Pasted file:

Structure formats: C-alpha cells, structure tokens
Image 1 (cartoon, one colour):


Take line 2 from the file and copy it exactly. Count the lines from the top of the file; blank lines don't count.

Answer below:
Image 1 (cartoon, one colour):